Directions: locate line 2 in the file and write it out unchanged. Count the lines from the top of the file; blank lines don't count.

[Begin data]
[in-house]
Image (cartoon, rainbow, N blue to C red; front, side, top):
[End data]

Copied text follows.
Image (cartoon, rainbow, N blue to C red; front, side, top):